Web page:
To Pour: Porters are best drank from a glass, not the bottle. It is a medium bodied beer so some patients in the transfer from bottle to glass will actually keep the head down. A porter will retain its head, but not as long as a stout.

IBU: 16

ABV: 4.7%

Hops:

– Chinook: herbal, earthy, smokey, piney character with some citrus sprinkled in (usage is flavor and bittering)

– Palisade: relatively new hop, very smooth, mild flavor, and mild bitterness (usage is aroma and bittering)

– Perle: Clean bitterness that verges on mint, somewhat floral, and spicy as well (usage is flavor aroma and bittering)

– Golding: The name is spelled goulding on the website…typo maybe? This is a traditional English hop flavor, it is smooth and sweet (usage is flavor, aroma, and bittering)

Malts:

– Two Row Pale: a base malt that determines the color described in degrees Lovibond which in this case is 2

– Caramel: used on almost all ales. This gives the beer a more malty, caramel, fuller tasting beer.

– Bonlander: contributes smooth, malty, and sweet flavors to a beer

– Black: gives a sharp roasted flavor and a deep red to black hue

– Roasted Barely: specialty malt that impact head color

Yeast:

– Top fermenting ale yeast: most commonly used in porters, ales, stouts, altbier, and wheat beers.

Porter: Originated in Britain as a strong, dark brew made from a blend of sour or stile, mild and new ales. The style fell out of practice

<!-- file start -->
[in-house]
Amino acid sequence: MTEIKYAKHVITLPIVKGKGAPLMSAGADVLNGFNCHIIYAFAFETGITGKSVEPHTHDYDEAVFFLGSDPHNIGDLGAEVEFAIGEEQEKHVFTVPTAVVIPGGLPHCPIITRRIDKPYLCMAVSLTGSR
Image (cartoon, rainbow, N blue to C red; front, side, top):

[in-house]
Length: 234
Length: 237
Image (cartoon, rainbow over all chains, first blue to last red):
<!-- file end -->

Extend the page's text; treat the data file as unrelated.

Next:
Vanilla Porter brewed by Breckinridge Brewery in Breckenridge, Colorado

Vanilla Porter in the botttle.

Vanilla Porter in the glass.

Usually there is head retention in this beer…bad poor?

Advertisements

About Insight by the Pint

I am a 23 year old with no filter (original, right?). I love drinking beer and observing and analyzing life. I don't know everything but what I do know I will share.

Discussion

One thought on “The Thriller of Vanilla

  1. this amanda kellar sure know her stuff 😉 love this!!! Beer=life! Im going to try this!

    Posted by Stephanie | August 9, 2012, 12:27 pm

Leave a Reply

Fill in your details below or click an icon to log in:

WordPress.com Logo

You are commenting using your WordPress.com account. Log Out / Change )

Twitter picture

You are commenting using your Twitter account. Log Out / Change )

Facebook photo

You are commenting using your Facebook account. Log Out / Change )

Google+ photo

You are commenting using your Google+ account. Log Out / Change )

Connecting to %s

%d bloggers like this: